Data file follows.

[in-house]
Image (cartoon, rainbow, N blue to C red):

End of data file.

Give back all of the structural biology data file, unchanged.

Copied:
[in-house]
Image (cartoon, rainbow, N blue to C red):